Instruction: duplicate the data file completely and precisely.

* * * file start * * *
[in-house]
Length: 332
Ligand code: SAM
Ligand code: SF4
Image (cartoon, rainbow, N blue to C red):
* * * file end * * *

[in-house]
Length: 332
Ligand code: SAM
Ligand code: SF4
Image (cartoon, rainbow, N blue to C red):